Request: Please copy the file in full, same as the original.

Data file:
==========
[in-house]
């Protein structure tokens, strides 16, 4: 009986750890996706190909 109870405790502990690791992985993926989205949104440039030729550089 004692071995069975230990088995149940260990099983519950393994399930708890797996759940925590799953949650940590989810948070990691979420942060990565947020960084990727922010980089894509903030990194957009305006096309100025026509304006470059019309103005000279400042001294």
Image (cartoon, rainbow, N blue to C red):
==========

[in-house]
């Protein structure tokens, strides 16, 4: 009986750890996706190909 109870405790502990690791992985993926989205949104440039030729550089 004692071995069975230990088995149940260990099983519950393994399930708890797996759940925590799953949650940590989810948070990691979420942060990565947020960084990727922010980089894509903030990194957009305006096309100025026509304006470059019309103005000279400042001294």
Image (cartoon, rainbow, N blue to C red):